A Kaye innovation, domestic violence courts, began in Brooklyn in 1996, mandating treatment and monitoring for batterers to ensure compliance with protective orders. In a further step to improve the judicial response to violence among intimates, Kaye has now created Integrated Domestic Violence Courts that assign a single judge to hear all aspects of a family’s case. And perhaps most revolutionary of all, the family courts are being enriched with the problem-solving model, emphasizing close judicial monitoring and meaningful outcomes.
So far, reviews on the new courts have been generally positive, with both the defense and prosecution in these cases endorsing the new approach.
“You can’t just dispose of the case when you’re talking about a behavioral problem that will just worsen. A slap one day otherwise may become a homicide,” says Kaye.Eleanor Smeal, Founder,
When the Taliban assumed power in Afghanistan, bringing peace to the country but only at the price of an unprecedented oppression of women in the name of Islam, the Feminist Majority was one of the first explicitly feminist U.S. groups to protest.
Eleanor Smeal, president of the Feminist Majority led the charge.
“We came before Congress and said: “Look at it. There are young girls being shot in the street by fundamentalist Islamic militias. The United Nations has a human rights charter. It was written in 1948–and they get away with this in 1996?” Smeal recalls.
The anti-Taliban efforts became knowns as the Campaign Against Gender Apartheid and has generated more mail to the State Department than any other single issue. The campaign also mobilized U.S. support for the efforts now underway to ensure women’s participation in a post-Taliban government. At the recent summit in Bonn, Germany, where an interim post-Taliban government was structured, women were included in the negotiations and two were given seats in the 13-member interim cabinet.
“We laid the foundation, I think,” says Smeal. “Women’s rights and what’s going to happen to them are on the table now.”
This autumn, Smeal has become the “go to” person the media and others rely on for information not only about the role of women in Afghanistan, but also the anthrax threats against abortion clinics and the possible connections between the two. And when First Lady Laura Bush made her historic radio address about the women in Afghanistan, her information was based on the Feminist Majority’s research.
Smeal has worked steadily for 22 years to master the art of building public support for women’s rights. In 1979, Smeal was president of the National Organization for Women and ardent campaigner for passage of the Equal Rights Amendment. She and others began to notice a difference in male and female voting patterns, a distinct and traceable “gender gap.” In 1980, Smeal persuaded pollster Lou Harris to analyze support for Ronald Reagan along gender lines, revealing a gap of 8 percent. (In the last election, it was 11 percent.)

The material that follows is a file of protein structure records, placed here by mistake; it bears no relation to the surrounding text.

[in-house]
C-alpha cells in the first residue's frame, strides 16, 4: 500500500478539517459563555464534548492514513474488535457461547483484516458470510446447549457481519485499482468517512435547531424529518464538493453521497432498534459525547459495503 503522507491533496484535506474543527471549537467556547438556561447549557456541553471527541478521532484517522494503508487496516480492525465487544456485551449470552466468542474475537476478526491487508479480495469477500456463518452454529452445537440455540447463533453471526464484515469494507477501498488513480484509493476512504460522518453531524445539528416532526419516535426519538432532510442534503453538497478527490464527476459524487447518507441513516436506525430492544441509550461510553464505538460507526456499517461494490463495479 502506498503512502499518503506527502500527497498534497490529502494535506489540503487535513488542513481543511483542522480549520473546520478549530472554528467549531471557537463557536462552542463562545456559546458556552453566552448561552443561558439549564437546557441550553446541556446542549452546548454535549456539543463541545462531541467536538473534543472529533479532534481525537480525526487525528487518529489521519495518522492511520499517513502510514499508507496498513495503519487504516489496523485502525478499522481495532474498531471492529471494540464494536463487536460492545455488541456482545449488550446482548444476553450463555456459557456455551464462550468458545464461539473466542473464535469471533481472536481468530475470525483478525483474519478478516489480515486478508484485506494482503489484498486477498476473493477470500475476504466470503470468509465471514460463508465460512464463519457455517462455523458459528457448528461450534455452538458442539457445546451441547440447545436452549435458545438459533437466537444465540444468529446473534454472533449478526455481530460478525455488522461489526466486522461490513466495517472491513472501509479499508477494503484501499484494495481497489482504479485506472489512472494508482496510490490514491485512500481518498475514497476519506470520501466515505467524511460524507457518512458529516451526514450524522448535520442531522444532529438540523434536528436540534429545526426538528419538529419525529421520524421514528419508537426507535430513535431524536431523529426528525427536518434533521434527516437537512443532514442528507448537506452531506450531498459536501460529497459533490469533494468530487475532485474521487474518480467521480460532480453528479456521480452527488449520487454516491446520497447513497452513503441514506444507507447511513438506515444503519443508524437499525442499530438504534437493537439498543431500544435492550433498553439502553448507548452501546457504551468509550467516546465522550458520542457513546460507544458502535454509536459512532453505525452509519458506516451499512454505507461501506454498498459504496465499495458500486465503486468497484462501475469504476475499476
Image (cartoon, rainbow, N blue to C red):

“Eight points is big enough to swing any election,” says Smeal “The pundits all thought it was crazy initially. We predicted back then that it would grow and it did.”
In 1987, after three terms as president of NOW, Smeal founded the Feminist Majority. The group’s domestic campaigns have included the defense of abortion clinics, lobbying for U.S. approval of mifepristone, the drug used in medical abortions, and a host of related issues.
Smeal also toured the country as part of the group’s Feminization of Power Campaign, which promoted women candidates in alliance with EMILY’s List. The campaign had its first peak in the fabled “Year of the Woman,” 1992, and a second in the elections of 2000 which sent historic numbers of women to Congress and state offices, including an additional four U.S. senators.
In 1994, the organization took action for the first time on an international issue, organizing women to march on the Bangladesh Embassy in support of author Taslima Nasreen. She had written that women were dominated by men as a rule and, “if anyone protests against such malpractices, as I have done, she is sure to be branded as a witch.” She was quickly deemed “anti-Islamic” and faced criminal charges and a fatwa, a religious edict, ordering her death.
Smeal’s activism against violence by fundamentalists has also led her to lobby federal officials to track down and prosecute anti-abortion fundamentalists in the U.S. By the end of 2001, two of the FBI’s Ten Most Wanted were anti-abortion terrorists Eric Rudolph and Clayton Lee Waagner, the latter captured in December. Convincing top law enforcement officials to place a high-priority on these types of crimes, took years of work, says Smeal.
“More people are beginning to see that the fundamentalists here are a threat,” she says, and expresses hope that the violent anti-abortion Army of God will collapse under intense scrutiny.
Smeal is now preparing for the 2002 elections and beyond, and getting ready to hunker down for the next wave of work.
“We can’t take for granted that women will get their rights,” she says.
Chris Lombardi is a free-lance writer in New York. She coordinated Women’s Enews Fall 2000 election coverage and helped cover the Beijing + 5 conference on women. Her work has been published in Ms. Magazine, the Progressive and Inside MS.
For more information:
Women’s Coalition for Sexuality and Health:
Center for Women’s Global Leadership:
Native Americans Case Story
Indian Trust: Cobill v. Babbitt:
Massman & Associates: Tracy Gary
Dr. Shirley Ann Jackson
Rensselaer Polytechnic Institute
Office of the President
Judith S. Kaye
New York State Court of Appeals
Chief Judge Judith S. Kaye:
Feminist Majority Foundation